The production outlook for Canada’s wheat, barley, oats and canola crops are stumbling amid persistent hot and dry weather conditions across the prairie provinces, while corn and soybean output is expected to increase year-on-year as eastern Canada has enjoyed higher-than-average rainfall since the beginning of the growing season. The decreased winter and spring crop production is primarily driven by lower yields, with oats the only major crop with a lower planted area than last season.
Statistics Canada released its latest model-based production estimates for the nation’s principal field crops last week using a yield simulation template incorporating satellite technology, its field crop reports and agroclimatic data as of July 31, just as this season’s winter and spring crop harvest commenced. This report precedes another, but different, model-based report, which will be released on September 14 using data as of August 31.
Drought conditions across the central winter and spring cropping regions are the second worst in twenty years according to Gro Intelligence’s drought index, and their vegetative health index across the major cropping regions, which began falling dramatically in early July, is close to the lowest recorded this century. In fact, Canada’s spring wheat areas have been signalling potential production issues since the start of the season, according to Gro’s yield forecast model, due to the below-average soil moisture reserves coming out of the northern hemisphere winter.
Canada’s total wheat production is forecast at 29.5 million metric tonne, 14.2 per cent lower than the 2022 output and 6.3 per cent below the five-year average. While the harvested area forecast of 10.7 million hectares is 6.3 per cent higher year-on-year, the average yield of 2.77 metric tonne per hectare is 18.6 per cent lower, leading to the sharp production decline. Only the disastrous 2021 wheat harvest of 22.4MMT has been lower in the last eight years.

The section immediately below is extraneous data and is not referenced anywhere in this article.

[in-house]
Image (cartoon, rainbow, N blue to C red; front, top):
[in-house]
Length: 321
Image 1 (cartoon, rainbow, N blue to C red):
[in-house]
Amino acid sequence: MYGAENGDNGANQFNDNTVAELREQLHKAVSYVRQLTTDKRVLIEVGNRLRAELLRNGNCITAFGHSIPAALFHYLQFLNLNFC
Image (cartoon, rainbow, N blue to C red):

The lower output is reflected in a 16.3 per cent retraction in the export estimate to 21MMT, which will leave a very meagre carry-out of just 2.5MMT, or around 30 days of demand. The Canadian export program was robust in 2023, approaching record levels, and the lack of high protein milling wheat in the export market will be felt in 2023/24.
The wheat production decrease is mainly attributable to spring wheat, with output forecast to fall by 14.5 per cent to 22.1MMT. The estimated yield is down 19.9 per cent to 2.82MT/ha off an anticipated harvested area of 7.9 million hectares, 6.9 per cent higher than last year and the largest since 2001. Durum wheat production is expected to fall by 26.4 per cent to 4.3MMT compared to 2022, with the harvested area down 1.5 per cent to 2.4 million hectares and yield down 25.3 per cent to 1.8MT/ha. This would be the second-lowest Canadian durum wheat crop in the last 12 years and falls significantly short of the 5.1MMT of export demand seen in 2022/23.
Canada generally accounts for around half of global durum trade, and the nation’s pipeline is empty after a massive export program over the last twelve months. With bad weather in Europe damaging durum crops in Spain, France and Italy, and lower production in the United States, pasta lovers worldwide will likely be paying higher prices for their favourite dish as supplies available to flour millers and food companies tighten dramatically in 2023/24.